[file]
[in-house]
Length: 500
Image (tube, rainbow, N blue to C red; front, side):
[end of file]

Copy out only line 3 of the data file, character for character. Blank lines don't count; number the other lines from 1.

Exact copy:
Image (tube, rainbow, N blue to C red; front, side):